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Background


The Emerald City in 1870
Photo by: MOHAI

Seattle’s urban forest continues to thrive, guided by the Urban Forest Stewardship Plan, updated in 2013. Our urban forest includes trees in parks and on private property as well as street trees within the public right-of-way. The urban forest is an important part of Seattle’s ecosystem and is home to diverse wildlife. Our 4.35 million trees are worth about $4.9 billion.

With ambitious goals to expand the urban canopy cover to 30% by 2037, the city has invested significant resources in the protection and growth of a robust and healthy urban forest. Since 2007, SDOT has planted an average of 1,200 trees a year. The department currently shares the responsibility—with adjacent property owners—of managing over 140,000 trees in the right-of-way.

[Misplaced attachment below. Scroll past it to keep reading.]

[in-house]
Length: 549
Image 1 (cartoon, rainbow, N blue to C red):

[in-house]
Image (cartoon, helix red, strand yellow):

In addition to supporting the growth of a healthy urban forest, Seattle is committed to increasing pedestrian mobility by building and maintaining an attractive and accessible pedestrian realm. The Pedestrian Master Plan was adopted in 2009 to encourage walking as a healthy and sustainable mode of transportation and to identify areas for investment. The plan calls for a “walkable zone,” an area that is six feet wide by eight feet tall (6’ x 8’) and clear of obstructions both on and above the ground. Trees play an important role in enhancing the pedestrian experience by creating shelter from the elements, reducing air and noise pollution, creating habitat for wildlife, and improving the aesthetic quality of city streets.

While our urban forest is greatly valued for its environmental and social benefits, there are times when street trees can create challenges for the traveling public or for adjacent property owners. Unhealthy trees may fall or drop dead limbs, and poorly sited trees can damage sidewalks, streets, and utilities.


 


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